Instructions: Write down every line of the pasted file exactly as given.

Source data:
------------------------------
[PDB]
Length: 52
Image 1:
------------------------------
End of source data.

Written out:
[PDB]
Length: 52
Image 1: